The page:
State audit reveals that counties are hoarding money meant for mental health programs
According to a state audit released earlier this year, counties throughout the state are holding onto millions of dollars intended for mental health services. In 2004, the Mental Health Services Act was passed and it placed a one percent income tax on state residents who earned $1 million or more annually. However, the audit released by state Auditor Elaine Howle found that mental health agencies around California had accumulated $231 million in unspent money from the Mental Health Services Act by the end of fiscal year 2015-16. Around $1.5 billion was generated by the act that fiscal year, and the state had even allocated $1.4 billion to 59 county and local mental health agencies. Assemblyman Todd Gloria, who is working on a bill that would shorten to two years the time counties have to use the money, stated,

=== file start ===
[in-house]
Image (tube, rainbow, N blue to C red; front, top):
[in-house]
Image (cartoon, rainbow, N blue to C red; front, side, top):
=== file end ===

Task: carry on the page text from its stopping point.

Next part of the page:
We have a mental health crisis in this state. And because of the stigma, it’s not discussed as much as it should be. Whether it’s a mass shooting event, the explosion of homeless (population) on the street and everything in between, the need to spend these dollars is unquestionable.
According to the Mental Health Services Act, counties are required to spend money from the act or return it to the state within three years of receiving it. Unfortunately, the audit found that the state Department of Health Care Services had not developed a process to recover the unspent funds, even though it has had the responsibility since 2012. The requirement to pay back the money was also pushed back further last year when the state Legislature enacted a one-time change that allowed local agencies to keep funds until 2020 because the funds would have been due last July. The only county that the audit is forgiving of is San Diego County, which was found to allocate funds appropriately and monitor projects effectively, even though it was also sitting on about $185 million at the time of the study. Hopefully, the counties are able to put the funds from the Mental Health Services Act to good use and help those that need help.